A year after Ukrainians rose up against the pro-Russian policies of then-President Viktor Yanukovych, business leaders still wait for an end to corruption and cronyism, promised by the revolution’s leaders. Even as war rages in the east and the deepest recession since 2009 shows no sign of lifting, the president, premier and foreign minister said in the past week that graft is the nation’s biggest threat. Ukraine ranks as Europe’s worst on Transparency International’s corruption index."

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Emirates targets US and Italy routes with quick Airbus A380 rollouts | The National

Emirates targets US and Italy routes with quick Airbus A380 rollouts | The National:

"Leading superjumbo operator Emirates has begun a blitz on western markets that will bring three more cities in as many days into the network served by the Dubai-based carrier’s Airbus A380 jets.

The airline’s first A380 service to San Francisco left Dubai at 8:50am local time on Monday and is slated to land at 12:50 pm in California. A double-decker service to Milan follows at 3:40pm, landing at 7:35pm Italian time.

The quick-fire rollout, which will also see a superjumbo deployed on the Dubai-Houston route on Wednesday, underscores the global ambitions of Emirates as it establishes Dubai as a crossroads linking all of the world’s leading economies. Already the world’s largest carrier by international traffic, or passengers carried times miles flown, the company has 85 A380s still to come beyond the 55 now in its fleet."

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UAE equity markets to see more weakness before stabilising |

UAE equity markets to see more weakness before stabilising |

"The UAE equity markets may witness some weakness before stabilising next week as margin calls unwind after the main index shed more than 7 per cent in the previous two sessions, industry participants said.

The Dubai Financial Market General Index closed 2.23 per cent lower at 4,186.11, after losing 4.74 per cent on Sunday weighed by falling crude oil.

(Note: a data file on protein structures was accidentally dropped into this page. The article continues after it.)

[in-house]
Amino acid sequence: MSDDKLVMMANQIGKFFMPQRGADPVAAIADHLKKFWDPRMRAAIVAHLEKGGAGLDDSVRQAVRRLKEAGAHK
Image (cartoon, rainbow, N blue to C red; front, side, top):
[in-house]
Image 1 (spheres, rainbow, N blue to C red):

“There could be selling pressure on Thursday. Many margin calls have been initiated in this market after the drop on Sunday and Monday. The process of margin calls to unwind will take a few sessions. Market will be able to absorb selling pressure for atleast 3-4 sessions before we can stabilise,” Mohammad Ali Yasin, managing director at NBAD Securities told Gulf News."

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UAE economy: from Dh6.5b to Dh1.4t in 43 years |

UAE economy: from Dh6.5b to Dh1.4t in 43 years |

"On December 2 each year, the palpable joy witnessed in the UAE is not limited to the National Day celebrations.

Emiratis recall their memories about all the events that happened in the country in the late 1960s during the years that preceded the announcement of the federal state by late Shaikh Zayed Bin Sultan Al Nahyan and the rulers of the other emirates.

On this day, Emiratis recall their experiences derived from oral narratives and collective memories about the red-letter day that marks the emergence of a nation state, which in a few years thereafter managed to put itself on the global map and influence the course of events in the region."

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Oil Rout Pushes RTS Index Volatility to Eight-Month High - Bloomberg

Oil Rout Pushes RTS Index Volatility to Eight-Month High - Bloomberg:

"Volatility in Russian stocks has jumped to the highest level since the peak of the Ukraine crisis as investors weigh the impact of low oil prices on an economy already weakened by international sanctions.

The Russian Volatility Index, which reflects traders’ projections for price swings in equity futures, increased 16 percent to 46.76 on Dec. 1, the highest level since March 24, about a month after President Vladimir Putin’s move to annex Crimea, which prompted sanctions by the U.S. and its allies that have pushed Russia toward a recession. The dollar-denominated RTS stock gauge fell 1.6 percent yesterday to the lowest since July 2009.

Volatility rose for a sixth day amid speculation that the cheapest stocks in emerging markets may fall further as Russia won’t be able to rely on oil to shore up its weakening economy. Brent crude is trading near a five-year low after OPEC last week said it won’t cut output to stem falling prices as global production rises. Russia, the world’s largest energy exporter, has a 75 percent probability of sinking into a recession, according to economists surveyed by Bloomberg."

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Abengoa Arranges $680 Million Funding Facility With Gulf Banks - Bloomberg

Abengoa Arranges $680 Million Funding Facility With Gulf Banks - Bloomberg:

"Abengoa SA (ABG) signed a 2.5 billion dirham ($680 million) financing facility with four Persian Gulf banks to help the Spanish renewable energy company bid for contracts in the region, said the banker who co-ordinated the transaction.

The package, which is a mix of conventional and Islamic loans, was provided by Mashreq Bank PSC and three other lenders, Artur Uluc, director of corporate finance at Mashreq Bank in Dubai, said yesterday. He declined to name the other banks.

Abengoa’s debt plunged last month after the Seville-based company said it accounted its $630 million of high-yield green bonds as non-recourse debt, which typically does not allow creditors to seek claims directly from the company in case of default. Investors had understood the notes to be recourse debt and the change raised questions about Abengoa’s leverage ratio.